As a few of the more honest advocates of gun control acknowledged at the time, it is just about possible to argue with a straight face that universal background checks could help to prevent or diminish the general rate of gun crime. But it is certainly not possible to claim that they would prevent or even diminish the number of mass shootings. In fact, to argue that such a requirement would have done anything whatsoever to stop recent massacres isn’t just wrong — it’s deeply dishonest. Those who have been chastising Congress for not reacting to massacres by passing legislation that has nothing to do with massacres should be ashamed of themselves.
The left-wing blog ThinkProgress has compiled a list of massacres perpetrated between 1999 and 2012. Let’s have a look at the most recent ten:
Since ThinkProgress compiled its list, two high-profile shootings have occurred:
And how about the most famous of the pre-2011 shootings — the other ones that provoked demands for somebody to “do something”? Well, Jared Loughner, who shot Representative Gabby Giffords and murdered six other people, bought his 9mm Glock pistol legally. Seung-Hui Cho, the Virginia Tech student who was responsible for the most deadly shooting spree in American history, bought a .22 caliber Walther P22 semi-automatic pistol and a 9mm Glock 19 semiautomatic pistol from licensed dealers, and passed background checks on both occasions. And, of course, the guns used at Newtown were legally purchased by the perpetrator’s mother and then stolen by her son.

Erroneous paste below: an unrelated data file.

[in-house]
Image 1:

You will notice that in not a single one of the cases listed above did a perpetrator buy his weapon through an “unregulated private sale,” through “the Internet,” or in “the parking lot at a gun show.” Not one. Instead, in each and every case, one of two things happened: Either (a) the killer followed the law to the letter, or (b) he broke it spectacularly. That Sandy Hook involved little children made it that much harder to bear. But it did not change the salient fact: that massacrs eand private sales have pretty much nothing to do with one another.